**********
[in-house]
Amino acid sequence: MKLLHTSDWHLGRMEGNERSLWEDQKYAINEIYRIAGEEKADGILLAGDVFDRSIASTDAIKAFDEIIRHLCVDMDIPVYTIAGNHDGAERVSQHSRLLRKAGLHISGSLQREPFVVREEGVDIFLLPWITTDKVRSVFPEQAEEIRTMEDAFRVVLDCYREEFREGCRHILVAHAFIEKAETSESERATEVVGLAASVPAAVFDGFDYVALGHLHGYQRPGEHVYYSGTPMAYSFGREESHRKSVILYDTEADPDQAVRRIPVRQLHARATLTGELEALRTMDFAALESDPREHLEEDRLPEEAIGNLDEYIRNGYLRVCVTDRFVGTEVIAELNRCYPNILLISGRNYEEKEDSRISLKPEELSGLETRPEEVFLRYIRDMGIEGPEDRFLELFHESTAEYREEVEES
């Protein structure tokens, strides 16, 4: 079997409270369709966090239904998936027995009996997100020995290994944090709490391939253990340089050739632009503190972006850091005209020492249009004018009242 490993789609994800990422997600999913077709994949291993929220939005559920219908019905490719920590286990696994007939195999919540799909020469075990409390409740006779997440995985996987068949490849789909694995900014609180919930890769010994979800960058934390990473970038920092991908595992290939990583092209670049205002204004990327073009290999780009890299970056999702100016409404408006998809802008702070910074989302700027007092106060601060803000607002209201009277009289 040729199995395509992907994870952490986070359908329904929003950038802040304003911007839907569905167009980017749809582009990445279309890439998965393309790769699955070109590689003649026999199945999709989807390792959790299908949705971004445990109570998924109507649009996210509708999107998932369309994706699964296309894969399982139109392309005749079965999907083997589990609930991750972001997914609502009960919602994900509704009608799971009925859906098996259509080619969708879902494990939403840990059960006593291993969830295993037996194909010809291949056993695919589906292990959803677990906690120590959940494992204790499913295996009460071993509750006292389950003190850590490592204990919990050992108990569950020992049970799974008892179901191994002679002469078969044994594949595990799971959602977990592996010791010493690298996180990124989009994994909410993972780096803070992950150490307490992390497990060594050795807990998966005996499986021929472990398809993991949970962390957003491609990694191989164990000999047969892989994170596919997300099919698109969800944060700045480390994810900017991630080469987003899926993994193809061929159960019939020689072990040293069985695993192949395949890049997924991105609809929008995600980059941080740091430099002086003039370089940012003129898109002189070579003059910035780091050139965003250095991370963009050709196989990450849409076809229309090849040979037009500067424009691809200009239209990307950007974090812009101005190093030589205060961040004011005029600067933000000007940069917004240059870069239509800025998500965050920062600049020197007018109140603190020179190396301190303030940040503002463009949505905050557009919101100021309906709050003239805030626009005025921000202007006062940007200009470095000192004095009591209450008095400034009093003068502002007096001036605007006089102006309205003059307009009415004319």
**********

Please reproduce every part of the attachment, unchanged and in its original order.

[in-house]
Amino acid sequence: MKLLHTSDWHLGRMEGNERSLWEDQKYAINEIYRIAGEEKADGILLAGDVFDRSIASTDAIKAFDEIIRHLCVDMDIPVYTIAGNHDGAERVSQHSRLLRKAGLHISGSLQREPFVVREEGVDIFLLPWITTDKVRSVFPEQAEEIRTMEDAFRVVLDCYREEFREGCRHILVAHAFIEKAETSESERATEVVGLAASVPAAVFDGFDYVALGHLHGYQRPGEHVYYSGTPMAYSFGREESHRKSVILYDTEADPDQAVRRIPVRQLHARATLTGELEALRTMDFAALESDPREHLEEDRLPEEAIGNLDEYIRNGYLRVCVTDRFVGTEVIAELNRCYPNILLISGRNYEEKEDSRISLKPEELSGLETRPEEVFLRYIRDMGIEGPEDRFLELFHESTAEYREEVEES
């Protein structure tokens, strides 16, 4: 079997409270369709966090239904998936027995009996997100020995290994944090709490391939253990340089050739632009503190972006850091005209020492249009004018009242 490993789609994800990422997600999913077709994949291993929220939005559920219908019905490719920590286990696994007939195999919540799909020469075990409390409740006779997440995985996987068949490849789909694995900014609180919930890769010994979800960058934390990473970038920092991908595992290939990583092209670049205002204004990327073009290999780009890299970056999702100016409404408006998809802008702070910074989302700027007092106060601060803000607002209201009277009289 040729199995395509992907994870952490986070359908329904929003950038802040304003911007839907569905167009980017749809582009990445279309890439998965393309790769699955070109590689003649026999199945999709989807390792959790299908949705971004445990109570998924109507649009996210509708999107998932369309994706699964296309894969399982139109392309005749079965999907083997589990609930991750972001997914609502009960919602994900509704009608799971009925859906098996259509080619969708879902494990939403840990059960006593291993969830295993037996194909010809291949056993695919589906292990959803677990906690120590959940494992204790499913295996009460071993509750006292389950003190850590490592204990919990050992108990569950020992049970799974008892179901191994002679002469078969044994594949595990799971959602977990592996010791010493690298996180990124989009994994909410993972780096803070992950150490307490992390497990060594050795807990998966005996499986021929472990398809993991949970962390957003491609990694191989164990000999047969892989994170596919997300099919698109969800944060700045480390994810900017991630080469987003899926993994193809061929159960019939020689072990040293069985695993192949395949890049997924991105609809929008995600980059941080740091430099002086003039370089940012003129898109002189070579003059910035780091050139965003250095991370963009050709196989990450849409076809229309090849040979037009500067424009691809200009239209990307950007974090812009101005190093030589205060961040004011005029600067933000000007940069917004240059870069239509800025998500965050920062600049020197007018109140603190020179190396301190303030940040503002463009949505905050557009919101100021309906709050003239805030626009005025921000202007006062940007200009470095000192004095009591209450008095400034009093003068502002007096001036605007006089102006309205003059307009009415004319």